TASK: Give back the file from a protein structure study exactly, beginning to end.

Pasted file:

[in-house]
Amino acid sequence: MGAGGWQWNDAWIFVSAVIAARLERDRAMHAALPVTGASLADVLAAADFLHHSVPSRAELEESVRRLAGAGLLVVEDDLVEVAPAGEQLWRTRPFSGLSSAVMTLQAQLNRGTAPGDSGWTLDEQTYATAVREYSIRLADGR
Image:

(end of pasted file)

[in-house]
Amino acid sequence: MGAGGWQWNDAWIFVSAVIAARLERDRAMHAALPVTGASLADVLAAADFLHHSVPSRAELEESVRRLAGAGLLVVEDDLVEVAPAGEQLWRTRPFSGLSSAVMTLQAQLNRGTAPGDSGWTLDEQTYATAVREYSIRLADGR
Image: